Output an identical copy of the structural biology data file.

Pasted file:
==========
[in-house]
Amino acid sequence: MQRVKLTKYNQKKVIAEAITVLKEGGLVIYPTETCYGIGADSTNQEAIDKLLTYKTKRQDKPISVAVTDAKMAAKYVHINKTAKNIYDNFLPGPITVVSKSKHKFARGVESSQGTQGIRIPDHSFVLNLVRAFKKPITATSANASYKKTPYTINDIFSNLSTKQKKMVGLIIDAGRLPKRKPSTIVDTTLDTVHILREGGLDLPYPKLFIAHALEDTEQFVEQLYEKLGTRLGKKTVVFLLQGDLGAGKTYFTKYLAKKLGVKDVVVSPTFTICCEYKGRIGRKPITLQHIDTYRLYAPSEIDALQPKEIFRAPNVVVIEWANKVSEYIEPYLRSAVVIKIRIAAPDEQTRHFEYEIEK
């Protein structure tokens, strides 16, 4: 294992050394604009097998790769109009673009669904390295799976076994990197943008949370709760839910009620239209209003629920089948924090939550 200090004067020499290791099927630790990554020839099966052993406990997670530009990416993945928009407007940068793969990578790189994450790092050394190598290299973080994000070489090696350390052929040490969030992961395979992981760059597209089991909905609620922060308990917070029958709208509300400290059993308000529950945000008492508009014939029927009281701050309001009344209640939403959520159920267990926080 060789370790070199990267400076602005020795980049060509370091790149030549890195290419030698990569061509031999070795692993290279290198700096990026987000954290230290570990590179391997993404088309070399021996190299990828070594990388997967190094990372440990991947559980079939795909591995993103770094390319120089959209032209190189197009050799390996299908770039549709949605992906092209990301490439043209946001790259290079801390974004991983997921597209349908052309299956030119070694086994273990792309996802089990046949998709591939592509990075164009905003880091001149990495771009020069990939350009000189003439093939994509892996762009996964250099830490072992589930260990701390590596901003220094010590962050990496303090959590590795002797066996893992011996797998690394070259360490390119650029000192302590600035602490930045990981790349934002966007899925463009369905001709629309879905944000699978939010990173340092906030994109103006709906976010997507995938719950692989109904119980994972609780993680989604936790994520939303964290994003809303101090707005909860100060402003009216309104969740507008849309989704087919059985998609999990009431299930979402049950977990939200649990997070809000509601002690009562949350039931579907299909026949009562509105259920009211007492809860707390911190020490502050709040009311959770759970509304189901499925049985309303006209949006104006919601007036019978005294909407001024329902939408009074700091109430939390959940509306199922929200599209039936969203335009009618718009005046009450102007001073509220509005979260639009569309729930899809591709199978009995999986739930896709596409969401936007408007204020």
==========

[in-house]
Amino acid sequence: MQRVKLTKYNQKKVIAEAITVLKEGGLVIYPTETCYGIGADSTNQEAIDKLLTYKTKRQDKPISVAVTDAKMAAKYVHINKTAKNIYDNFLPGPITVVSKSKHKFARGVESSQGTQGIRIPDHSFVLNLVRAFKKPITATSANASYKKTPYTINDIFSNLSTKQKKMVGLIIDAGRLPKRKPSTIVDTTLDTVHILREGGLDLPYPKLFIAHALEDTEQFVEQLYEKLGTRLGKKTVVFLLQGDLGAGKTYFTKYLAKKLGVKDVVVSPTFTICCEYKGRIGRKPITLQHIDTYRLYAPSEIDALQPKEIFRAPNVVVIEWANKVSEYIEPYLRSAVVIKIRIAAPDEQTRHFEYEIEK
């Protein structure tokens, strides 16, 4: 294992050394604009097998790769109009673009669904390295799976076994990197943008949370709760839910009620239209209003629920089948924090939550 200090004067020499290791099927630790990554020839099966052993406990997670530009990416993945928009407007940068793969990578790189994450790092050394190598290299973080994000070489090696350390052929040490969030992961395979992981760059597209089991909905609620922060308990917070029958709208509300400290059993308000529950945000008492508009014939029927009281701050309001009344209640939403959520159920267990926080 060789370790070199990267400076602005020795980049060509370091790149030549890195290419030698990569061509031999070795692993290279290198700096990026987000954290230290570990590179391997993404088309070399021996190299990828070594990388997967190094990372440990991947559980079939795909591995993103770094390319120089959209032209190189197009050799390996299908770039549709949605992906092209990301490439043209946001790259290079801390974004991983997921597209349908052309299956030119070694086994273990792309996802089990046949998709591939592509990075164009905003880091001149990495771009020069990939350009000189003439093939994509892996762009996964250099830490072992589930260990701390590596901003220094010590962050990496303090959590590795002797066996893992011996797998690394070259360490390119650029000192302590600035602490930045990981790349934002966007899925463009369905001709629309879905944000699978939010990173340092906030994109103006709906976010997507995938719950692989109904119980994972609780993680989604936790994520939303964290994003809303101090707005909860100060402003009216309104969740507008849309989704087919059985998609999990009431299930979402049950977990939200649990997070809000509601002690009562949350039931579907299909026949009562509105259920009211007492809860707390911190020490502050709040009311959770759970509304189901499925049985309303006209949006104006919601007036019978005294909407001024329902939408009074700091109430939390959940509306199922929200599209039936969203335009009618718009005046009450102007001073509220509005979260639009569309729930899809591709199978009995999986739930896709596409969401936007408007204020």